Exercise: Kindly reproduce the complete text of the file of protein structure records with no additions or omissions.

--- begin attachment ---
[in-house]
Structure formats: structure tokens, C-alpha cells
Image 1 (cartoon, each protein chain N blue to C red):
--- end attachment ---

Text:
[in-house]
Structure formats: structure tokens, C-alpha cells
Image 1 (cartoon, each protein chain N blue to C red):